Q: Doctor my son is 2.5 months old and has torticollis. How can physical therapy help in this condition?

A: Congenital torticollis (CMT) is a condition in infants commonly diagnosed at or soon after birth. This condition is also known as twisted neck or wry neck.

CMT occurs when there is reduced length and increased tone of sternocleidomastoid (SCM) on one side. Infants present with same side bending and opposite rotation. Treatment approaches for CMT include manual therapy (e.g. therapist-led stretching exercises), repositioning therapy (e.g. tummy time), botulinum toxin (botox) / surgery may be necessary for more severe cases that do not resolve.

A physical therapist first examines the child for passive cervical range of motion with arthrodial goniometer, active range of motion, global assessment, neurological, auditory and visual function assessments to rule out other conditions, Physiotherapy (stretching, strengthening and developmental facilitation) and aggressive repositioning are first-line treatments. Education, guidance and support can reassure and help parents. It is important to educate parents/caregivers on positioning and handling skills to encourage active neck rotation towards the affected side and to discourage side flexion to the affected side. Kinesio taping is an alternative intervention for CMT. It has been suggested that kinesio taping might decrease treatment duration for CMT and that it can have an immediate effect on muscular imbalance in children with CMT. There are certain measures that caregivers can take at home to help their child with CMT, place toys/decorations to encourage infant to turn to other side, position the crib or changing table, so the infant must turn to the other side to see / interact with caregivers. If conservative treatment is not successful, botox or surgical options may be considered. Surgical may be indicated for the following, no improvement after six months of manual stretching, there is a deficit of more than 15 degrees in passive rotation and lateral bending, tight muscular band is present, there is a tumour in SCM.

Q: Doctor what is the physical therapy treatment of Achilles rupture in athletes?

A: The Achilles Tendon, a robust fibrous band linking the calf muscles to the calcaneus bone, represents a critical anatomical structure. A prevalent pathology, Achilles Tendon Rupture (ATR) stands as the most frequently occurring tendon rupture within the human body. The impact of Achilles tendinopathy extends beyond the physical realm, adversely affecting both physical and mental well-being. The inherent characteristics, function, and blood supply of the Achilles Tendon contribute to its susceptibility to both acute and chronic ruptures.

In instances of acute rupture, athletic engagement often precipitates the injury, accounting for a substantial 68% of cases. Particularly prevalent in stop-and-go sports like badminton, soccer, volleyball, basketball, tennis, racquetball, and squash, these activities subject the tendon to significant stress due to eccentric movements. Several factors increase the likelihood of rupture, with certain conditions predisposing individuals to injuries that may be overlooked during initial examination. These conditions encompass the natural aging process, participation in recreational sports, obesity, use of specific medications (e.g., fluoroquinolone and steroids), poor running mechanics, and altered biomechanics such as flat foot (pes planus), high foot arch (pes cavus), and leg length discrepancy.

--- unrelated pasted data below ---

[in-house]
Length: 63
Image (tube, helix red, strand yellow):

Traditionally, Achilles tendon tears have been categorized into four types based on severity and retraction degree. Treatment approaches have historically considered individual factors like age, desire to return to sport, and personal preference. Surgical intervention aimed to reduce the risk of future re-rupture, involving sewing torn ends together followed by immobilization in plaster, presented potential complications such as wound infection, scar adhesions, loss of sensation, deep vein thrombosis (DVT), and infection. Recommendations favored operative repair for younger individuals, while conservative approaches with immobilization in a cast were advised for the elderly, those with co-morbidities like diabetes and peripheral neuropathies, and less active patients.

Post-operative rehabilitation emphasizes strengthening the foot core, avoiding excessive Achilles Tendon stretch, and incorporating gait re-education to correct any faulty patterns. Plantar flexion strengthening is initiated through isometric and sustained heel raises, progressing from both legs to a single leg. Eccentric loading, achieved through heel raises off the edge of a box, further enhances tendon strength. A comprehensive rehabilitation program is crucial, and periodic evaluations are necessary to assess tendon healing and functionality.

Subsequent physiotherapy sessions may be recommended based on the evaluation, and a gradual return to sports is advised. Before engaging in contact sports, patients are advised to wait at least 6–9 months post-injury, ensuring a thorough recovery and minimizing the risk of re-rupture.